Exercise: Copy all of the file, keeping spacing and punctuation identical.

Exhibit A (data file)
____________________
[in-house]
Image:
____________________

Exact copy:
[in-house]
Image: